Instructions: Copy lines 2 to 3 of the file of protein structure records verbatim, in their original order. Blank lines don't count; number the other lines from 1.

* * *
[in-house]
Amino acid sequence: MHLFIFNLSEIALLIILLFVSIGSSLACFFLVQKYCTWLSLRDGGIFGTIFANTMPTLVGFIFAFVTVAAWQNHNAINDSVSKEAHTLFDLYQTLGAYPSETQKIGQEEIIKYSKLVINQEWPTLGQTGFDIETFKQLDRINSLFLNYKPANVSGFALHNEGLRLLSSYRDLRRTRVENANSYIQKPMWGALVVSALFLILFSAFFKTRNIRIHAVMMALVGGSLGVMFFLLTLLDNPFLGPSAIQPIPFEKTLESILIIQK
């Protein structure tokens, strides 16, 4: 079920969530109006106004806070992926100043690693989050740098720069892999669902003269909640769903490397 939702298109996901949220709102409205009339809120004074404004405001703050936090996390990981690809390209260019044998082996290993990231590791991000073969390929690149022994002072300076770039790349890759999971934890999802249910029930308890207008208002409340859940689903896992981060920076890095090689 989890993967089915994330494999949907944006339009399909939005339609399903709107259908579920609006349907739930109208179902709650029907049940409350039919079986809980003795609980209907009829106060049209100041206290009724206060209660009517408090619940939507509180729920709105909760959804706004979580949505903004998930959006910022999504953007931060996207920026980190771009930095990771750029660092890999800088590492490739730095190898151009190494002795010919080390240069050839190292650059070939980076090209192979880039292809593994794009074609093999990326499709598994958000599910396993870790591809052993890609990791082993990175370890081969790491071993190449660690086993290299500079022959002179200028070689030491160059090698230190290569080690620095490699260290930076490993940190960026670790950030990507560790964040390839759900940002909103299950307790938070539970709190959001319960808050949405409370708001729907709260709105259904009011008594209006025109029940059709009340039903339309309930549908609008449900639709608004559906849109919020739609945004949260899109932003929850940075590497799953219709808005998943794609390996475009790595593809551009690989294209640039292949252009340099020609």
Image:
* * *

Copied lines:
Amino acid sequence: MHLFIFNLSEIALLIILLFVSIGSSLACFFLVQKYCTWLSLRDGGIFGTIFANTMPTLVGFIFAFVTVAAWQNHNAINDSVSKEAHTLFDLYQTLGAYPSETQKIGQEEIIKYSKLVINQEWPTLGQTGFDIETFKQLDRINSLFLNYKPANVSGFALHNEGLRLLSSYRDLRRTRVENANSYIQKPMWGALVVSALFLILFSAFFKTRNIRIHAVMMALVGGSLGVMFFLLTLLDNPFLGPSAIQPIPFEKTLESILIIQK
């Protein structure tokens, strides 16, 4: 079920969530109006106004806070992926100043690693989050740098720069892999669902003269909640769903490397 939702298109996901949220709102409205009339809120004074404004405001703050936090996390990981690809390209260019044998082996290993990231590791991000073969390929690149022994002072300076770039790349890759999971934890999802249910029930308890207008208002409340859940689903896992981060920076890095090689 989890993967089915994330494999949907944006339009399909939005339609399903709107259908579920609006349907739930109208179902709650029907049940409350039919079986809980003795609980209907009829106060049209100041206290009724206060209660009517408090619940939507509180729920709105909760959804706004979580949505903004998930959006910022999504953007931060996207920026980190771009930095990771750029660092890999800088590492490739730095190898151009190494002795010919080390240069050839190292650059070939980076090209192979880039292809593994794009074609093999990326499709598994958000599910396993870790591809052993890609990791082993990175370890081969790491071993190449660690086993290299500079022959002179200028070689030491160059090698230190290569080690620095490699260290930076490993940190960026670790950030990507560790964040390839759900940002909103299950307790938070539970709190959001319960808050949405409370708001729907709260709105259904009011008594209006025109029940059709009340039903339309309930549908609008449900639709608004559906849109919020739609945004949260899109932003929850940075590497799953219709808005998943794609390996475009790595593809551009690989294209640039292949252009340099020609």